There was no response whatsoever within 10 business days so in my proof of concept I replaced the MIT Admissions home page copy with a different MIT Admissions spoof webpage and bought admissions-mit.org and alum-mit.org as two other domain names pointed to it. I even got an SSL certificate so the webpage would show as a secure webpage, i.e. https, instead of just http, and a lock icon next to it.

This MIT Admissions spoof webpage was intentionally written to be highly inflammatory, in order to finally get a response from MIT; everything said in it is true, but unvarnished. It's actually quite interesting and expands on some of the issues and people I have talked about above, as well as Whitney Espich , the non-MIT-alum MIT Alumni Association CEO (again, another English major from a third-rate college). I wrote it (and this article) having learned much about libel law from my earlier cases; see "defamation" notes in the Legal Notes section of the About Apscitu Law page.

I then sent an email announcement of this MIT Admissions spoof webpage to the MIT lawyers, MIT Admissions, MIT President Rafael Reif — particularly since he was featured on the webpage as leader of MIT's extreme political correctness — and most of the officers, including Chairman Robert Millard , and many of the members of the MIT Corporation, which control MIT. See seventh (November 28) email in email history.

The only relevant email response I got was a usual automatic "on vacation" reply from MIT lawyer Jason Baletsa . See bottom email in email history. (You'll hear more about MIT lawyer Jason Baletsa, as well as MIT President Rafael Reif , later in Dr. Thresher v. MIT President Reif et MIT Lawyers, where Baletsa played a key role in covering up Reif's involvement in corruptly taking money from convicted child sex offender and trafficker Jeffrey Epstein , and in Dr. Thresher v. MIT Lawyer Baletsa, a national security case in preparation where leftist Baletsa hacked email accounts of major defense contractor MIT, including mine.)

The fix to MIT Admissions' security vulnerability that I explained to MIT would have been quick and inexpensive. I even offered to do this work myself; I'd already done most of the work by figuring it out and explaining it to them. It was foolish to do anything else but the fix.

Instead, MIT's response was that a few days after (December 5) my MIT Admissions spoof webpage email announcement, I received a threatening email from the webhoster I used for the website, Amazon Web Services (actually, AWS didn't do the webhosting per se, just rented me the cloud computer that I set up to do webhosting). The email threatened to turn off my website if I did not answer the charges made by MIT within 24 hours. See first email of email history, noting that for clarity the email history is from oldest at top to newest at bottom but that each email would have contained all the earlier emails as its included history, with newest at top, oldest at bottom.

The copyright (DMCA = Digital Millennium Copyright Act) charges MIT made against me were
The websites and their URLS [sic] — admissions-mit.org, mit-admissions.net, alum-mit.org — are infiging [sic] on MIT's trademarks both in their URLs and on the websites' use of MIT's official seal and images of the campus.
The MIT official making these legal charges was Peter Bebergal of the MIT Technology Licensing Office, clearly at the direction of the above MIT lawyers. You would think that to make such legal charges Bebergal himself should be a lawyer or have some legal training or at least not be a criminal. But no, Peter Bebergal is an admitted former(?) long-time drug addict, a failed divinity student, a failed writer (mostly and absurdly about how he was a drug addict for religious reasons so he's special), and a political correctness activist.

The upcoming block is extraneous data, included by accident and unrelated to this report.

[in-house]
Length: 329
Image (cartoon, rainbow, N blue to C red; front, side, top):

Working in the MIT administration (as yet another non-MIT alum) is a perfect refuge for Peter Bebergal's ilk. MIT administration jobs have good pay and benefits but require little work — one of the main reasons MIT tuition is so high — leaving employees plenty of time on the job to work on what they really want to do but can't make a living at, like writing (badly). It's also an opportunity to enforce political correctness.

I quickly wrote an overwhelming refutation of these charges using some very compelling points including: Because it was so easy to refute the charges, as the MIT lawyers knew, I also pointed out that MIT did not make these charges in good faith and so had perjured itself. In their statement of charges, MIT, via Peter Bebergal , swore
I am providing this notice in good faith and with the reasonable belief that rights MIT's rights [sic] are being infringed.

Under penalty of perjury I certify that the information contained in the notification is both true and accurate, and I have the authority to act on behalf of the owner of the copyright(s) and trademarks involved.
This makes the MIT lawyers who instituted these charges — Mark DiVincenzo , Jason Baletsa , Jaren Wilcoxson — and Peter Bebergal perjurers.

Within a few hours that same day, I sent my refutation email to Amazon and Peter Bebergal, with a Cc including the MIT lawyers, MIT Admissions, MIT President Rafael Reif , and most of the officers of the MIT Corporation, including Chairman Robert Millard , and many of its members, as well as editors of the Washington Post and Wall Street Journal. See second email of email history.

The next day Amazon sent me an email saying they would not be turning off my MIT Admissions spoof website. See third (December 6) email of email history.

The day after that I forwarded Amazon's email, with subject I win, to everyone I had sent my refutation email to, particularly the MIT lawyers. See bottom (December 7) email of email history.